Gwendoline Sassy Cover



Gwendoline in the Land of Yik Yak

Gwendoline Fetish

The latest release from Nucleus Films is Just Jaeckin’s eagerly awaited GWENDOLINE (France, 1984). Director Jaeckin is best known for his highly influential erotic classic EMMANUELLE (1974), and THE STORY OF O (1975), which starred European genre legend Udo Kier. GWENDOLINE is based on Sweet Gwendoline, who was the main character in the comic books of bondage artist and photographer John Willie (AKA John Coutts). Coutts was born in Singapore in 1902; he grew up in England then moved to New York where he published his bondage and fetish magazine Bizarre (1946-1959). The comic strip was published by Irving Klaw, one of the first fetish photographers, whose model Bettie Page became the first famous bondage model. In Coutts’ comic strip Gwendoline is an innocent damsel-in-distress who gets herself into various scrapes which invariably culminate in her being tied up. The strip is a combination of “The Perils of Pauline”, who regularly found herself threatened by pirates, Indians, gypsies and sharks, and the naughty 1940’s strip cartoon “Jane”, who was constantly placed in situations which resulted in the loss of her clothes. If you now add bondage to the equation, you’re beginning to get the picture.

So how does one make the transition from a concept that could easily become sleazy exploitation into mid-1980’s mass entertainment? Well, Jaeckin chucks in a romantic lead (in the comic the only male was Sir Dystic d’Arcy), plunders Steven Spielberg’s RAIDERS OF THE LOST ARK (1981), and turns it into a comedy.

The film begins on a busy Far Eastern dock where a group of dodgy seamen break open a crate and discover Gwendoline (Tawny Kitaen), and her companion Beth (Zabou) cramped inside. They have stowed away on a ship to begin their quest to find Gwendoline’s father, who mysteriously disappeared while on a mission to find a mythical species of butterfly. The pair of them are bundled off to a casino where the seamen try to sell them to the boss for use as dancers/prostitutes. By sheer luck the two heroines are rescued by a hunky but mercenary adventurer, Willard (Brent Huff), who bursts in to settle a score with the casino owner. Quickly realizing that Willard could be of some assistance, Gwendoline blackmails him into joining her and Beth on their quest and soon the trio are embarking on a daring and deadly journey into the Land of the Yik Yak, a country ruled by a diabolical dominant Amazon queen and her army of scantily-clad, fetishistic female warriors. There, Gwendoline must defeat the evil queen and prevent Willard from being forced to spawn a new race of female warriors before facing certain death.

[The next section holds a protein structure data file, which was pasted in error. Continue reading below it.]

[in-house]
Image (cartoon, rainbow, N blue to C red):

For the film Jaeckin assembled a curious cross section of acting talent. Zabou (LA CRISE and C’EST LA VIE) was a model and actress, and Brent Huff and Tawny Kitaen are mainly known for TV work - but of course Ms Kitaen would become known as Mrs David Coverdale, and star in three Whitesnake music videos. You are forgiven if these performances passed you by; in the big-haired, soft-rock world of the late 80’s, it was extremely difficult to distinguish the female video star from the band’s lead singer. The acting abilities of the two lead characters is somewhat questionable - however, given the comic strip origins of the script, this factor can be overlooked. At the other end of the thespian spectrum is Bernadette Lafont, who plays The Amazon Queen. Lafont was a veteran of French Nouvelle Vague films, and had worked with distinguished directors such as Francois Truffaut and master of mystery Claude Chabrol; she played Jane in Chabrol’s classic, LES BONNES FEMMES (1960).